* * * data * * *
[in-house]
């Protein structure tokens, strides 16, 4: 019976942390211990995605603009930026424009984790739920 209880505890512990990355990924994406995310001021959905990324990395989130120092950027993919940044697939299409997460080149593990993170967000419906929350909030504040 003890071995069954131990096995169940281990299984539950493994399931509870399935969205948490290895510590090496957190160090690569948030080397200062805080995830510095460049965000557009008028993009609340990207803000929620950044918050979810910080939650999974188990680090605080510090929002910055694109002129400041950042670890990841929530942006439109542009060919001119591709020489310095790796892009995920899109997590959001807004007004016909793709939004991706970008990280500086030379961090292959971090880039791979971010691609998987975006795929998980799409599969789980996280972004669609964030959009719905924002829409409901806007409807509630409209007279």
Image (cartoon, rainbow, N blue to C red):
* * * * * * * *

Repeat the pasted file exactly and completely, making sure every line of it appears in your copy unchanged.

[in-house]
């Protein structure tokens, strides 16, 4: 019976942390211990995605603009930026424009984790739920 209880505890512990990355990924994406995310001021959905990324990395989130120092950027993919940044697939299409997460080149593990993170967000419906929350909030504040 003890071995069954131990096995169940281990299984539950493994399931509870399935969205948490290895510590090496957190160090690569948030080397200062805080995830510095460049965000557009008028993009609340990207803000929620950044918050979810910080939650999974188990680090605080510090929002910055694109002129400041950042670890990841929530942006439109542009060919001119591709020489310095790796892009995920899109997590959001807004007004016909793709939004991706970008990280500086030379961090292959971090880039791979971010691609998987975006795929998980799409599969789980996280972004669609964030959009719905924002829409409901806007409807509630409209007279």
Image (cartoon, rainbow, N blue to C red):